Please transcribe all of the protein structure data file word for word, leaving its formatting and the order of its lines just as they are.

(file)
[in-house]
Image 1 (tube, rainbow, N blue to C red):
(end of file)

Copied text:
[in-house]
Image 1 (tube, rainbow, N blue to C red):